Form and Content
Written in 1405 by the daughter of an Italian astrologer attached to the court of France, The Book of the City of Ladies: A Fifteenth-Century Defense of Women is Christine de Pizan’s retelling of universal history from a feminist as well as a late medieval perspective. The work is an extensive, three-part prose allegory developed in accordance with established conventions of classical rhetoric—a form considered by Christine’s contemporaries to be accessible only to formally educated male writers.
The three sections of the book are clearly delineated by such phrases as “Here begins the book second part” and “Here begins the book third part.” In part 1 Christine, alone in her study and saddened by the many disparaging remarks against women that she has found in her reading, is visited by three ladies: Reason, Rectitude, and Justice. Each of these allegorical figures becomes the respective narrator of a section of the book.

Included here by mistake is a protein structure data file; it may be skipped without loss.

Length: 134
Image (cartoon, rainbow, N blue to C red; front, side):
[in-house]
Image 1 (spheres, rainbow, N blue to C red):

Reassured by Lady Reason that these negative concepts of women are in direct contradiction to the truth, Christine is charged with the task of building a fortified city for all good ladies. Using the medieval practice of offering exempla, Reason recounts stories of renowned female military leaders such as the Amazons, a community of women warriors of considerable physical strength. A second group of illustrations presents women of great mental prowess. The stories are encapsulations of narratives drawn...
(The entire section is 549 words.)